John Singleton: What Causes a Stroke?
John Singleton’s death from a stroke at the age of 51 shocked and saddened fans and celebrities. The director, who was known for directing Boyz n the Hood and 2 Fast 2 Furious still had plans for other projects.
Singleton’s passing might have you wondering about strokes. What causes a stroke? What are some of the warning signs? The Cheat Sheet chatted with Jason Tarpley, M.D., Ph.D., stroke neurologist and director of the Stroke and Neurovascular Center at Providence Saint John’s Health Center in Santa Monica, California. Here’s what Dr. Tarpley told us about stroke causes.
The Cheat Sheet: What causes a stroke?
Dr. Jason Tarpley: Ischemic stroke, or blockage of a brain artery, has many different causes depending on the patient population. Ischemic stroke is more common in older age, and older patients’ strokes are often caused by an underlying heart rhythm called atrial fibrillation, cholesterol plaque in the carotid arteries, or disease in the brain’s small arteries. Risk factors for small artery strokes are high blood pressure, diabetes, and smoking. Stroke in the young, on the other hand, has different causes. The most common cause of stroke in the young is an arterial dissection resulting from a tear in the inner layer of the arteries feeding the brain.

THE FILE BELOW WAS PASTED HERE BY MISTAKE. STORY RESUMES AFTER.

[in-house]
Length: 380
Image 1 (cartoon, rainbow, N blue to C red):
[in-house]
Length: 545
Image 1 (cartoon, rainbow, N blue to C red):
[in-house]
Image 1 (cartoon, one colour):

The American stroke association has a useful acronym for identifying signs and symptoms of a stroke. Any of these symptoms should prompt emergent evaluation for possible stroke as we have powerful brain-saving treatments for patients with stroke. The acronym is BE FAST:
B for balance problems
E for eye problem such as sudden vision loss
F for facial drooping on one side
A for arm weakness
S for speech difficulty
T time is brain or time to call 911
CS: Is it possible to prevent a stroke?
JT: Stroke Prevention is absolutely possible with today’s modern therapy combined with lifestyle changes. The Mediterranean diet for example confers a 20% reduction in the risk of stroke. Exercise has also been shown in many studies to reduce the risk of stroke and I typically recommend that my patients adopt a regimen that they can stick with rather than an overly ambitious one that they cannot likely adhere to. We have also achieved great reduction of stroke risk by treating patient’s hypertension, controlling diabetes, treating atrial fibrillation with medication as well as procedures for carotid artery stenosis.
CS: Could lack of sleep cause a stroke?
JT: There is a link between lack of sleep and stroke. Probably the most notable is the link between obstructive sleep apnea and stroke. For this reason, patients with daytime tiredness and/or snoring should be evaluated with a sleep study.
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